Despite the prominence of digital transformation in every facet of our lives, most organisations, including those that are considered “ahead of the game”, say their leadership pipeline and existing leaders are not yet prepared to fully tackle the challenges of digital transformation.
Mindset and skills challenges, including resistance to new ways of working and feeling overwhelmed by complexity, prevent many organisations from achieving effective digital transformation.

“In order to be transformation-ready, organisations need to create a culture of innovation, be open to change, prepared to take calculated risks and willing to fail fast,” explains Lyndy van den Barselaar, MD of ManpowerGroup South Africa.

In the Industrial Revolution, for example, it took 50 years to redefine processes and take full advantage of technology. Transforming quickly can make the difference between success and failure, and needs to be continuous in order for organisations to stay ahead and remain competitive.

This means that organisations need to start embracing an open culture of innovation and portray a glass half full view that provides new ways of working. According to the ManpowerGroup “From C-Suite to Digital Suite Report (2017)”, the glass half-empty view indicates that only 47% of CEOs have started the digital business transformation, with the greatest activity occurring in the media, financial services, retail, and healthcare sectors. The glass half full perspective says 89% of business leaders are planning, testing or implementing digital initiatives and 34% have already seen a contribution to business growth.

“However, changing the way things get done can cause friction; it can impact decisions, hamper progress, and disengage people,” explains van den Barselaar. So, the imperative for the right leaders to drive the right behaviours has never been greater.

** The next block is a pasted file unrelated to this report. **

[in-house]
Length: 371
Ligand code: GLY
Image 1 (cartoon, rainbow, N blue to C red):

The gap between traditional ideas of leadership effectiveness and what it actually takes to drive sustained business performance in the digital age has become increasingly evident.

The good news is that that the impact of technology on organisations of every size and sector is infinite, and we know the pace of disruption is accelerating.

By 2020, almost 30% of industry revenues will come from new business models, according to McKinsey & Company, Disruptive Trends That Will Transform The Auto Industry Report, (2016). Rapid digital transformation is needed for forward-thinking businesses to capture opportunity and compete, and leaders must be ready to lead in the digital age.

“It was captured in the “ManpowerGroup From C-Suite to Digital Suite Report”, that companies that embrace digital transformation are up to 26% more profitable than their competitors, whilst enjoying up to 12% higher market valuation,” explains van den Barselaar.

South African organisations are at various stages of transformation – determining strategic importance and working out roles and responsibilities around this.

“Wherever companies are on their digital journey, the path is clear. They need to be more agile, able to deliver in the short-term while adapting for the long-term, and they must take advantage of new tools and fresh thinking that help maximise opportunities,” adds van den Barselaar.